American and Ukrainian inspectors to conduct observation flight over Russia and Belarus


Observations over the two countries territories are held within the framework of the Treaty on Open Skies

Within the framework of the Open Skies Treaty, American and Ukrainian military inspectors will be observing for four days the territory of Russia and Belarus from the air.

This information was given by Head of the Russian National Center for Nuclear Risk Reduction Sergey Ryzhkov.

“From 30 March to 4 April 2015 within the framework of the International Treaty on Open Skies, the US mission with the participation of Ukraine plans to conduct an observation flight on an American observation aircraft OC-135B over the territories of the member states – the Republic of Belarus and the Russian Federation,” Ryzhkov said.

According to him, during the flight according to the agreed route, Russian specialists on board the observation aircraft will monitor strict compliance with the agreed flight parameters and the use of the observation equipment that allows the Treaty.

The OC-135B observation aircraft belongs to the type of aircrafts not designed for the use of any weapons. “The aircraft and its observation equipment (aerial cameras) have been certified at the international level with the participation of Russian experts, which excludes the use of technological tools not stipulated by the Treaty on Open Skies,” summed Ryzhkov.


The Open Skies Treaty was signed in 1992, it involves 34 states. Observation flights are conducted over Russia, USA, Canada, European countries.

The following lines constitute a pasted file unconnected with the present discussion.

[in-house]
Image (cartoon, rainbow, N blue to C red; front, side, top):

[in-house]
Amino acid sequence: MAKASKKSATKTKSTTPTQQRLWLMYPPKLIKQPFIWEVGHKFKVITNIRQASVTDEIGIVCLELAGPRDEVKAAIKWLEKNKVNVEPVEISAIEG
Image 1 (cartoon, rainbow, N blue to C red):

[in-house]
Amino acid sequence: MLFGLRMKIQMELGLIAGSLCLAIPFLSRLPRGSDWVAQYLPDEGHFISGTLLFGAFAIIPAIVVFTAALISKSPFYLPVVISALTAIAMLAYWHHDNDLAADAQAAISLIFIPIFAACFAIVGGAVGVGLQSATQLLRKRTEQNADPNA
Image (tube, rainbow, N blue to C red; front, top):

The main objectives of “open skies” are transparency development, assistance in monitoring implementation of agreements on arms control, enhancing opportunities for crisis prevention and crisis management in the framework of the OSCE and other international organizations.

US claims to Russia under Open Skies Treaty

Earlier, the US government repeatedly stated the alleged large concentration of Russian troops on the border with Ukraine. The Russian Defense Ministry refuted such claims, asking to give evidence. One of the ways to see the actual situation is to implement the Open Skies Treaty, under which member states can observe from the air one another’s territories.

On July 29 the US State Department issued a report on compliance with international agreements on arms control, non-proliferation and disarmament for 2013. The document, in particular, contained a number of claims to Russia in connection with alleged breaches by Russia under certain international treaties.

In US’ point of view, Russia restricts the airspace use for the Open Skies Treaty purposes. As an example, the State Department cites four cases: the airspace over Moscow, the Chechen Republic, a 10-km area along the Russian- Abkhazian and Russian-South Ossetian borders and over the exercise area “West 2013”.

Russian Foreign Ministry: Russia fulfills obligations on Open Skies

In response, the Russian Foreign Ministry reminded that observation flights should be carried out in accordance with national rules of airspace use.

Restrictions on aircraft passing over Moscow and Chechen prohibited zones were introduced for safety reasons, stated the Russian Foreign Ministry. In these areas only the flying height is limited. Technical capacities of flight participants allow observing any point of the Russian territory from such a height. As for restrictions near the borders with Abkhazia and South Ossetia, Moscow reminded that observation flights should be conducted no closer than 10 km from the border of the non-member state. Within the framework of the joint Russian-Belarusian exercises “West-2013”, live firing takes place. Russia and Belarus had offered in advance alternative routes and flying heights, thereby fulfilling the Open Skies Treaty obligations.

Text and pictures by TASS